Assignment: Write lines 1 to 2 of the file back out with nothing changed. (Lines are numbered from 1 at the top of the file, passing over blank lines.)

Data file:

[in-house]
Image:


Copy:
[in-house]
Image: